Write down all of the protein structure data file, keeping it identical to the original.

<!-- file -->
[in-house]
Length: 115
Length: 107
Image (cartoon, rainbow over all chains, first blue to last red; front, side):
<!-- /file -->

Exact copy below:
[in-house]
Length: 115
Length: 107
Image (cartoon, rainbow over all chains, first blue to last red; front, side):